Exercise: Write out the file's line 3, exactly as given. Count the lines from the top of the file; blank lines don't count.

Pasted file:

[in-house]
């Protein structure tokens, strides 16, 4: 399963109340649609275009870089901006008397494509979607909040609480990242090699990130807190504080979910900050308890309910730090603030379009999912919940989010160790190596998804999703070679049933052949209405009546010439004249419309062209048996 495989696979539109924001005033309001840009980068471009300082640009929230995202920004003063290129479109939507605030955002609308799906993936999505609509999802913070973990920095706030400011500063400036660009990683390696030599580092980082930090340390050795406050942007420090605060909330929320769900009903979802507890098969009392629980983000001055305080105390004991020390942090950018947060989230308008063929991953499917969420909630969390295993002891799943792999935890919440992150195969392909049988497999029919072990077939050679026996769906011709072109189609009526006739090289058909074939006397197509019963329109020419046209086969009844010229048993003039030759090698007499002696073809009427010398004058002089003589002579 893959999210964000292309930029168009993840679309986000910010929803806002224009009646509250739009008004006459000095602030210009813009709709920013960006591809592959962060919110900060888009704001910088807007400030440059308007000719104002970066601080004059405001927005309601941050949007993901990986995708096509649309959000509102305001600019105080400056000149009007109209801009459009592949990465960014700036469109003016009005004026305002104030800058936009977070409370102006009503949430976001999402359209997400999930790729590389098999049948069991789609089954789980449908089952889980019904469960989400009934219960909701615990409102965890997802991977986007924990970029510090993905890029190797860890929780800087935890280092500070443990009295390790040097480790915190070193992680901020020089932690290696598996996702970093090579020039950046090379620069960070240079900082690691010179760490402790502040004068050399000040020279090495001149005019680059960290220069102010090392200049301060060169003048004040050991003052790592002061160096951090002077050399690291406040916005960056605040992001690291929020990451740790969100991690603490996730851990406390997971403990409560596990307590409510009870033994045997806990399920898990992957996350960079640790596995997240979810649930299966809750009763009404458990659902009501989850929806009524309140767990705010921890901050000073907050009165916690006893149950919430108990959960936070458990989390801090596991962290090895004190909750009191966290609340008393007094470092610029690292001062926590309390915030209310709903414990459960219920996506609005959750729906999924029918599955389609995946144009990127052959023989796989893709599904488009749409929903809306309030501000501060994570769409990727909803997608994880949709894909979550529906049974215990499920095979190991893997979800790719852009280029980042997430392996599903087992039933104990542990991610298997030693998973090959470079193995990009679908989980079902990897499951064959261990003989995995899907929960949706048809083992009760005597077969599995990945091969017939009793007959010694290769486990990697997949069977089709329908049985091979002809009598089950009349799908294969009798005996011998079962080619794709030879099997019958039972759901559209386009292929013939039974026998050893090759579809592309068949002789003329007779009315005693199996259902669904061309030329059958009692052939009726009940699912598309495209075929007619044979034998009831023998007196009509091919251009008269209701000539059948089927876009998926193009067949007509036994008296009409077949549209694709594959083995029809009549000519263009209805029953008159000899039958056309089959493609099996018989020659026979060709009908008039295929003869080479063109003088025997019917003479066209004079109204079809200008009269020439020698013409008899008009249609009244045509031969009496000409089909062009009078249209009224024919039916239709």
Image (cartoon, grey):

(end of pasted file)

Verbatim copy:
Image (cartoon, grey):